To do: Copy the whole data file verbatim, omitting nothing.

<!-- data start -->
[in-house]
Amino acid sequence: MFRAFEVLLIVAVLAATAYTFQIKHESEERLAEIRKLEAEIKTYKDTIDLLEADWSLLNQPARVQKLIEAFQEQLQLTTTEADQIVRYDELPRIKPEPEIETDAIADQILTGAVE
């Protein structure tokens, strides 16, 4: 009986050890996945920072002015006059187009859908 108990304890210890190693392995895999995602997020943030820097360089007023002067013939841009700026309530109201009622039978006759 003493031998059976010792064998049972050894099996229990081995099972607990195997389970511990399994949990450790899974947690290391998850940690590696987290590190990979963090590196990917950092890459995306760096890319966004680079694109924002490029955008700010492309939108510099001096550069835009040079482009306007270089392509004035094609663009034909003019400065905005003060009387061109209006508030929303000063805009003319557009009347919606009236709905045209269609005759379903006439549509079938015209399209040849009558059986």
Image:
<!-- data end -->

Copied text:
[in-house]
Amino acid sequence: MFRAFEVLLIVAVLAATAYTFQIKHESEERLAEIRKLEAEIKTYKDTIDLLEADWSLLNQPARVQKLIEAFQEQLQLTTTEADQIVRYDELPRIKPEPEIETDAIADQILTGAVE
């Protein structure tokens, strides 16, 4: 009986050890996945920072002015006059187009859908 108990304890210890190693392995895999995602997020943030820097360089007023002067013939841009700026309530109201009622039978006759 003493031998059976010792064998049972050894099996229990081995099972607990195997389970511990399994949990450790899974947690290391998850940690590696987290590190990979963090590196990917950092890459995306760096890319966004680079694109924002490029955008700010492309939108510099001096550069835009040079482009306007270089392509004035094609663009034909003019400065905005003060009387061109209006508030929303000063805009003319557009009347919606009236709905045209269609005759379903006439549509079938015209399209040849009558059986």
Image: